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Brown steps down as coach of Sixers

Posted: Tuesday, May 27, 2003

PHILADELPHIA Larry Brown hasn't lost his passion for coaching. He just felt he and the Philadelphia 76ers needed a change.

Brown resigned as coach of the 76ers on Monday after six often-turbulent seasons in which he helped rebuild a struggling franchise.

''This has been coming for a long time,'' Brown said at a news conference. ''I kind of thought in the middle of the season that we needed a change, a fresh look. And that's been on my mind awhile.''

A Hall of Famer and one of basketball's most well-traveled coaches, Brown could be a candidate for coaching vacancies in Cleveland, Houston and elsewhere.

The 76ers released Brown from a contractual clause that prohibited him from coaching another NBA team if he left Philadelphia prematurely. Brown had two years left in his contract that paid him $6 million per season.

''A lot of jobs are open, but I just left a great one,'' Brown said. ''I'm going to sit back, try to get with my family and figure out what's best for everybody.''

Brown's job with the 76ers was his longest tenure with any team in his 31-year coaching career. He led them to the playoffs five straight seasons, including the 2001 NBA Finals, and will coach the U.S. men's national team this summer at an Olympic qualifying tournament in Puerto Rico.

The 62-year-old Brown had been contemplating stepping down since Philadelphia lost its second-round playoff series to Detroit in six games. The 76ers overcame a mediocre start, won 23 of their final 33 games and finished 48-34.

But after beating New Orleans in six games in the first round, the 76ers couldn't get past the top-seeded Pistons, losing twice in overtime and once on a last-second shot that was goaltended.

''We had a good run. I think it's time to get somebody else in here to maybe give a fresh look,'' Brown said. ''I didn't want to hold this franchise back and I felt by staying here, I'd do that.''

LeBron James, the high school phenom expected to go to the Cavaliers with the top pick in the NBA draft on June 26, said he would be happy if Brown ended up in Cleveland.

''I think Larry Brown is a great teacher if we can get him,'' James said.

during an interview at halftime of TNT's broadcast of the San Antonio-Dallas playoff game Sunday night. ''I consider myself a student of the game, so Larry Brown would be great.''

Brown joked that James would reconsider his comments if he spoke to some of the 76ers.

Cavaliers general manager Jim Paxson wouldn't say if Brown was a candidate.

''Our search process continues and the parameters that we set out with have not changed,'' Paxson said.

The 76ers' search for a successor could include Portland coach Maurice Cheeks, who played on the 76ers championship team in 1983 and was an assistant under Brown.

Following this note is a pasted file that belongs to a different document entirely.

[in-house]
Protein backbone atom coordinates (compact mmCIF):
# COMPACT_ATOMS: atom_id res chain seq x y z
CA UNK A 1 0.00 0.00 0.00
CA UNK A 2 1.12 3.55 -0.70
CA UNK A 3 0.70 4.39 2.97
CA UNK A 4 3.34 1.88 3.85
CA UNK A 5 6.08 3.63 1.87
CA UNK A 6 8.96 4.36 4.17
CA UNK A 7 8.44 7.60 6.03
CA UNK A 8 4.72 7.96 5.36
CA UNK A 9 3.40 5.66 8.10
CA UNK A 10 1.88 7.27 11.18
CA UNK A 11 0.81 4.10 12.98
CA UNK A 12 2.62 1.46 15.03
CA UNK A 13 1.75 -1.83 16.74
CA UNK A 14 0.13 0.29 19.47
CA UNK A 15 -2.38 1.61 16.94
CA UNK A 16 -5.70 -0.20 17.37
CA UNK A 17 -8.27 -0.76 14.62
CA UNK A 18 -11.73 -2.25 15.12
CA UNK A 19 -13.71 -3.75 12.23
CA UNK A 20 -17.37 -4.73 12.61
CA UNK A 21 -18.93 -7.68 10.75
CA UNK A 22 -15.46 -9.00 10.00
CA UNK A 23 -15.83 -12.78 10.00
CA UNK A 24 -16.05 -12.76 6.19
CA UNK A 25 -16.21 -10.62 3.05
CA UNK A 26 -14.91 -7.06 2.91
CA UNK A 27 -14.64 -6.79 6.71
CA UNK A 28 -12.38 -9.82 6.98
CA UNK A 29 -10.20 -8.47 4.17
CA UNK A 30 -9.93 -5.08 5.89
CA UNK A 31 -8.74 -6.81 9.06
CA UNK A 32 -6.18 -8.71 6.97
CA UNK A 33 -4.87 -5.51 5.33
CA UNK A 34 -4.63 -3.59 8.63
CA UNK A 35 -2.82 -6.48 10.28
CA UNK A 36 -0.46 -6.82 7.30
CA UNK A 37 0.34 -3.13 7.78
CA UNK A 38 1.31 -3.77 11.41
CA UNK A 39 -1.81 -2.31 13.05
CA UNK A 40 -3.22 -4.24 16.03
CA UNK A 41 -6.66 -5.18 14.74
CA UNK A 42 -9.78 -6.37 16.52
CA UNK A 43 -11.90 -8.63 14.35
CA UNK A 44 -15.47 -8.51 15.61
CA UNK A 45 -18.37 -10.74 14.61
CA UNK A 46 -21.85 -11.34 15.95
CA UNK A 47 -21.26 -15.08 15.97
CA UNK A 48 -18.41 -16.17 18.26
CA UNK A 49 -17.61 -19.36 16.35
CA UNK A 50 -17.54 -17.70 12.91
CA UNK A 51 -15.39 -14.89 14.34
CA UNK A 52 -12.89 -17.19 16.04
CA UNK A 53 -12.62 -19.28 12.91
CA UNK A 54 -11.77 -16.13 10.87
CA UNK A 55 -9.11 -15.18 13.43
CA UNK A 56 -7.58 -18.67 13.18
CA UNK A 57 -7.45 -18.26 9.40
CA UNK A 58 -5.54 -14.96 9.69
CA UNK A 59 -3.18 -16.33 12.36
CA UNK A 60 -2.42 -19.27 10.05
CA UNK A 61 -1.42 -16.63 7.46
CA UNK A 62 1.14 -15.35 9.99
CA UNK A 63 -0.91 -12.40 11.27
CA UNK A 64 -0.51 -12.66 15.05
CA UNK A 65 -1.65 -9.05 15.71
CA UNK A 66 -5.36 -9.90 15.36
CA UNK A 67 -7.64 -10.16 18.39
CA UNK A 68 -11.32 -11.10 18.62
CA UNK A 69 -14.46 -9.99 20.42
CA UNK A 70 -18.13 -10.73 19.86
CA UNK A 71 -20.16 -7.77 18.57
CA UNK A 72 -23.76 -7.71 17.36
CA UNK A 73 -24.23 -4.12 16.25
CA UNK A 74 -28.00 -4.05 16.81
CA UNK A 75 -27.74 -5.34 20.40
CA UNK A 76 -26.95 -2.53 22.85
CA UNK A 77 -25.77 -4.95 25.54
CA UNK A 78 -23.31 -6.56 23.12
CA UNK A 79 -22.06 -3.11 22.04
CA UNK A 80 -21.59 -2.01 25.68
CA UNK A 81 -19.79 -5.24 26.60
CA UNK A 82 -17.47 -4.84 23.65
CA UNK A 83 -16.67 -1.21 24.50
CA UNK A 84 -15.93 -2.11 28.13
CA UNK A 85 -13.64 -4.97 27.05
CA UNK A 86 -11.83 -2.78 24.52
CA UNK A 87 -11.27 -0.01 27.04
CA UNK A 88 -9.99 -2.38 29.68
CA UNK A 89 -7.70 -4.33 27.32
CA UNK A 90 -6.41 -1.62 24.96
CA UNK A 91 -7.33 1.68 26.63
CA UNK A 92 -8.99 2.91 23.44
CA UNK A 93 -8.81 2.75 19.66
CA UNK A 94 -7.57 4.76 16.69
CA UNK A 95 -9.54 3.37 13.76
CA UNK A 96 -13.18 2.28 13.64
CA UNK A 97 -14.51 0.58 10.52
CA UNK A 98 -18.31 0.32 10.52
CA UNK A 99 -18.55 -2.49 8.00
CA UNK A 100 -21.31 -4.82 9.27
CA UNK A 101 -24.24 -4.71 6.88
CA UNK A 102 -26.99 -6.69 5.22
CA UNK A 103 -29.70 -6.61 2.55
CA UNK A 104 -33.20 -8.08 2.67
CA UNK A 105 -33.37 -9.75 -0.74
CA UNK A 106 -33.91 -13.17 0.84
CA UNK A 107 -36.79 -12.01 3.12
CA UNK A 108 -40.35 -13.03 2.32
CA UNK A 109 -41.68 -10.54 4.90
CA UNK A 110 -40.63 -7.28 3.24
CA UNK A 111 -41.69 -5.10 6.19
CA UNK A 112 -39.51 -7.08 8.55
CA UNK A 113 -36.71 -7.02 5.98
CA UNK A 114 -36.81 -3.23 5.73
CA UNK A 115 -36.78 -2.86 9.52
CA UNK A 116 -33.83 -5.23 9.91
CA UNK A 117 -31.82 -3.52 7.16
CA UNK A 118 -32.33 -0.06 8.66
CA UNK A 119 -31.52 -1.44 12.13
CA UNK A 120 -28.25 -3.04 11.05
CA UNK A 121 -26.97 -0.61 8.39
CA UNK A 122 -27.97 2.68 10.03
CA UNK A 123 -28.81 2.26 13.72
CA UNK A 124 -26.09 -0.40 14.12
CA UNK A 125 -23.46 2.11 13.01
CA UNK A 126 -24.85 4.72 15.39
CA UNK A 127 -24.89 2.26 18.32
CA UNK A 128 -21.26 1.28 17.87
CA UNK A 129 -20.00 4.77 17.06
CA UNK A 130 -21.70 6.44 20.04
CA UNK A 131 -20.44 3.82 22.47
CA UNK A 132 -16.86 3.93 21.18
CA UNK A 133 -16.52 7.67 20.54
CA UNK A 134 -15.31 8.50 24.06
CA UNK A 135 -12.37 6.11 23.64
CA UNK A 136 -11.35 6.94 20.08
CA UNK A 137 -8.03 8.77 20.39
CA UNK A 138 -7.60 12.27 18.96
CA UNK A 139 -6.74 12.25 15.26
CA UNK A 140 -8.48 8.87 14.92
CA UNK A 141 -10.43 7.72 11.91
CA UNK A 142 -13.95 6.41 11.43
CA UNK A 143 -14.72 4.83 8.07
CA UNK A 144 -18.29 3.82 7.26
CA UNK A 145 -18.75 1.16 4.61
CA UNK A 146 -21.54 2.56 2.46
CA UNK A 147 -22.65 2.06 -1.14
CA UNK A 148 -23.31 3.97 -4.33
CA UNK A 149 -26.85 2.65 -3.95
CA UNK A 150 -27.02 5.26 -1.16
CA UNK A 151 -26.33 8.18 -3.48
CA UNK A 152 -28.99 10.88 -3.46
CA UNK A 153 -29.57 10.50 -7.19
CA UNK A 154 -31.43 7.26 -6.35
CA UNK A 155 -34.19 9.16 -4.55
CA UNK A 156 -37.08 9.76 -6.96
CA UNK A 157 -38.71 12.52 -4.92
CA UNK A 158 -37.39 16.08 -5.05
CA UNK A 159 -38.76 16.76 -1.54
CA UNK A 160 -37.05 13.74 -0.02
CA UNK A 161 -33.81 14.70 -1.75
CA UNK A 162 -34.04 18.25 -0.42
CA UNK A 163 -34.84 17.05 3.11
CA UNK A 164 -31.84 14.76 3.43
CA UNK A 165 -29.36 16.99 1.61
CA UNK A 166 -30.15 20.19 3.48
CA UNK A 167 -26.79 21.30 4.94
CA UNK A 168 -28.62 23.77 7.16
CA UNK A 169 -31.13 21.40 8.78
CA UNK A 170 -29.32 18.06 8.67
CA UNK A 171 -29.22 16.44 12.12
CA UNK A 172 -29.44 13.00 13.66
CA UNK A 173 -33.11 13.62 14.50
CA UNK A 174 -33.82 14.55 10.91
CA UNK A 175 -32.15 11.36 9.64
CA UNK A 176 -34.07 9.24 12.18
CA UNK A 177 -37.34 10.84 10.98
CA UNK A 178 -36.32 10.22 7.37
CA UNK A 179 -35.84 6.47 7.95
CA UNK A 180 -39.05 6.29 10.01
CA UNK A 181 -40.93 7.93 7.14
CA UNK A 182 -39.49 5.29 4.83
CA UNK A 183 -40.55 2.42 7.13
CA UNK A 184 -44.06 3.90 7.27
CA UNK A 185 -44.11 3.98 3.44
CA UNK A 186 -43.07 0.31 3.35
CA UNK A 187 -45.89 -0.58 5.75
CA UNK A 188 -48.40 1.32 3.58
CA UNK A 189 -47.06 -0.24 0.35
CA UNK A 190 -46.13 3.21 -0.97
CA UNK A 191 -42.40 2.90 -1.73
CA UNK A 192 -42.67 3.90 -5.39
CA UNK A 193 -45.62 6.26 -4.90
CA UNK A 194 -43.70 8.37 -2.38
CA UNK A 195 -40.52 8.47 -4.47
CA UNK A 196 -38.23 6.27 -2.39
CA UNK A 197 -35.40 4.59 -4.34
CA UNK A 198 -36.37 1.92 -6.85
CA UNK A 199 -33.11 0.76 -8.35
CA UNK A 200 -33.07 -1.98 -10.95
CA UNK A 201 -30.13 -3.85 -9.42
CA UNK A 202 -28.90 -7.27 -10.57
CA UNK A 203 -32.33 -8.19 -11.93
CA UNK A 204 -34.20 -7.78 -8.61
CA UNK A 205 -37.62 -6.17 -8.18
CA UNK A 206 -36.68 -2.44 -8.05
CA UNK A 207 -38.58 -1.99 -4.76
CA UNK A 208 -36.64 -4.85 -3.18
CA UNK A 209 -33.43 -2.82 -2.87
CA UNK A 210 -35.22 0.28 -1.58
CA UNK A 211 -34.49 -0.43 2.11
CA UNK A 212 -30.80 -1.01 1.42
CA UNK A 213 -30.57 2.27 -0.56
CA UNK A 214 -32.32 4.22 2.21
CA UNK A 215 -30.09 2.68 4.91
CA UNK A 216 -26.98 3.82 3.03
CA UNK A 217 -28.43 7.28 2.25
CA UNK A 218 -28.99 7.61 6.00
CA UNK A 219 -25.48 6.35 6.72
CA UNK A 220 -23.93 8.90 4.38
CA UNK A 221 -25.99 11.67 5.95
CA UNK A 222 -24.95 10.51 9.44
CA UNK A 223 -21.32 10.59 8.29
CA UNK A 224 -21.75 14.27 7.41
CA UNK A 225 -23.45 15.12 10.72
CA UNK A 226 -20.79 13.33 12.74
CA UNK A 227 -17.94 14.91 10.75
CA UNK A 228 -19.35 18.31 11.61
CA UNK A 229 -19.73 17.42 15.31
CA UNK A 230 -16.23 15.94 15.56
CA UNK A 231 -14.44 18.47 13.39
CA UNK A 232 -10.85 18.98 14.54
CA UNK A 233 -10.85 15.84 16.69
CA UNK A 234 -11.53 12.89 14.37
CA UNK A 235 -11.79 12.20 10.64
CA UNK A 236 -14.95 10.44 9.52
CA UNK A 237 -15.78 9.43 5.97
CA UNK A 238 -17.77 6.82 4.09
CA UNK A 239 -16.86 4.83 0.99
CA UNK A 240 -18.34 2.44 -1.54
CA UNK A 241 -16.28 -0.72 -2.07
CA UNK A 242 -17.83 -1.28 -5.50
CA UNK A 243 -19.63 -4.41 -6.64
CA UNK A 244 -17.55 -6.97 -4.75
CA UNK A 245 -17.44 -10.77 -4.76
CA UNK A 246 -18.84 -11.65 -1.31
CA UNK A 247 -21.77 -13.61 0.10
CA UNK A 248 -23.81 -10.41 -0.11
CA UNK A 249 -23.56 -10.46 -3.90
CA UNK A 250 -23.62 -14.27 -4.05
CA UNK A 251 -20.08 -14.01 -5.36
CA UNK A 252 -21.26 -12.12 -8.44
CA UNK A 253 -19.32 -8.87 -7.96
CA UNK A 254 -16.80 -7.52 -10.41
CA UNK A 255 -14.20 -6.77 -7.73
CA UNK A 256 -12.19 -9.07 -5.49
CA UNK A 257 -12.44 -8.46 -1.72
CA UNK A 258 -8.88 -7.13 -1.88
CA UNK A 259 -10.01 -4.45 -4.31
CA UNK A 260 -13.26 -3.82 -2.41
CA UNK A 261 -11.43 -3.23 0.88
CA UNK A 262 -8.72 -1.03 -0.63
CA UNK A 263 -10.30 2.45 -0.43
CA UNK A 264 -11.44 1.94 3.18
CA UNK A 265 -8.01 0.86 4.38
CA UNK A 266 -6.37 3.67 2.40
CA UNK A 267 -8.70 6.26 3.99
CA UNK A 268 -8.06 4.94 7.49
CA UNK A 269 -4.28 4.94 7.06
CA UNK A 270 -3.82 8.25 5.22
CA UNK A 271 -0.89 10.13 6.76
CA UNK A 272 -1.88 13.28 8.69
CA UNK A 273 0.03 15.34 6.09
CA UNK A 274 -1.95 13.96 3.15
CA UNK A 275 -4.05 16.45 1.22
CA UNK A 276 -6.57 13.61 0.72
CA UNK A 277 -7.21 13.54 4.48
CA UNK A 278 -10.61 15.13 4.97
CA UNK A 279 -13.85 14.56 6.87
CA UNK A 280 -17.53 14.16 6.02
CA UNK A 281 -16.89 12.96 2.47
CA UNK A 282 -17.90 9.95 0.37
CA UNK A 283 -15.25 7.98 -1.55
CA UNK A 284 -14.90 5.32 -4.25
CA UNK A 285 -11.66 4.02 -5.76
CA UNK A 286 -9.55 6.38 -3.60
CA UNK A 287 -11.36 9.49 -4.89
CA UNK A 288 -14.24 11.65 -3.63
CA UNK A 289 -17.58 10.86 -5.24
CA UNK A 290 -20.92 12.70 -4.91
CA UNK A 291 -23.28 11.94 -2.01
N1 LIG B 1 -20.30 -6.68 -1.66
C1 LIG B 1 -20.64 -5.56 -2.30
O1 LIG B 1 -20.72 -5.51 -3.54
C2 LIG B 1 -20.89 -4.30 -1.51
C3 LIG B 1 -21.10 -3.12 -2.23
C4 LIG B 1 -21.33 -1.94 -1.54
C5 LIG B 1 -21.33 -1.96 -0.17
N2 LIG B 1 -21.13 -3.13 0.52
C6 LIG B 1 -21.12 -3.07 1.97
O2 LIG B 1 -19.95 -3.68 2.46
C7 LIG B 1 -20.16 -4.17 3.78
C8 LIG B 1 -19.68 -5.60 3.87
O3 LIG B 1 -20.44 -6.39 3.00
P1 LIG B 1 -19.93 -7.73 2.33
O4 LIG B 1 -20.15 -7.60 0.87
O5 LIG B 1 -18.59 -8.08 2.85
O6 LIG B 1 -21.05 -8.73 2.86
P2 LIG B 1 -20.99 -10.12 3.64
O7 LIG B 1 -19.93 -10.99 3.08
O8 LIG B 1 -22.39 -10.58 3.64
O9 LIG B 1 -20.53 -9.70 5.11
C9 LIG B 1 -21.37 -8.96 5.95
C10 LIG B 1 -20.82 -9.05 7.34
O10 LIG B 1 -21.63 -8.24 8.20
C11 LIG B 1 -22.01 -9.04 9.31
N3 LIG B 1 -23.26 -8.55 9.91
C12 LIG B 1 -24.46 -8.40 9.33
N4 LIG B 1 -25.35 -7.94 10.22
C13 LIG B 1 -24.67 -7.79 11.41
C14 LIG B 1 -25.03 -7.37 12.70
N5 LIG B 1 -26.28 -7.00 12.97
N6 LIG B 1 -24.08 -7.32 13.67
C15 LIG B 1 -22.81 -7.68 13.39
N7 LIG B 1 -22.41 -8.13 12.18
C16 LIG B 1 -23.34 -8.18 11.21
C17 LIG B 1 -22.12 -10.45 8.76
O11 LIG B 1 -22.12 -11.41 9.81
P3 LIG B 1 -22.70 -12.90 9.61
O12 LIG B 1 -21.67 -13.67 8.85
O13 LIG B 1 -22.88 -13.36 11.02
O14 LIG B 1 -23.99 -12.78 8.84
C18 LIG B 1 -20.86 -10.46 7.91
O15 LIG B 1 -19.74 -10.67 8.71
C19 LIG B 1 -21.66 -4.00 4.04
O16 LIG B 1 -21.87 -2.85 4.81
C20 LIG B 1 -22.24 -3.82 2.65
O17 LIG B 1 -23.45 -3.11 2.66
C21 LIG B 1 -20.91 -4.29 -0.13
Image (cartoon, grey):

''Mo Cheeks has a year left on his contract and even talking about him could be tampering,'' team chairman Ed Snider said.

Brown came to Philadelphia in 1997, taking over a perennial loser that hadn't been to the playoffs since 1991. With help from then-president Pat Croce, Brown turned the 76ers from a laughingstock organization into one of the top teams in the Eastern Conference.

In 2000-01, Brown led the 76ers to a 56-26 record and first place in the East. Philadelphia advanced to the NBA Finals for the first time in 18 years before losing to the Los Angeles Lakers in five games.

Brown was the NBA's coach of the year that season, the only time he won the award. Brown was coach of the year in the ABA three times in four seasons.

''Larry Brown did a terrific job, and helped restore the 76ers as one of the best organizations in basketball,'' Snider said.

Brown doesn't expect to be sitting at home next season.

''I'm not going to be idle. I don't think I can do that,'' he said. ''I'm pumped about coaching. I don't want to go to into another situation unless I know it's right for my family myself and that franchise.''

Brown had a contentious relationship with Allen Iverson, but the two worked together despite several disputes.

At one point, the All-Star guard nearly was traded to Detroit. A few times, Brown came close to leaving, and once had to be talked out of quitting by Croce and general manager Billy King.

Brown twice considered the possibility of returning to coach his alma mater, North Carolina both in 2000 when Matt Doherty was hired, and again when the Tar Heels were looking for a replacement in April.

Brown compiled a record of 879-685 in the NBA, and 1,285-853 overall, including ABA and college.

Brown won an NCAA championship with Kansas in 1988. He became the first coach to take six NBA teams to the playoffs when the 76ers made it in 1999.

The 76ers were 255-205 under Brown, and 26-30 in the playoffs.

Brown has had winning records in 27 of his 31 seasons as a head coach on the professional and collegiate levels. He finished first in his division six times and reached the Eastern Conference finals three times.

Brown has also coached Denver (five years), Indiana (four years), San Antonio (3 1/2 years), New Jersey (two years), Carolina of the ABA (two years) and the Clippers (18 months).

A three-time All-Star guard in the ABA, Brown is the only U.S. male to play and coach in the Olympics.

Brown's team for the Olympic qualifying tournament in Puerto Rico includes Kobe Bryant, Tracy McGrady, Tim Duncan and Iverson. The team will try to win one of three spots in the 2004 Olympics for nations from the FIBA-Americas zone.



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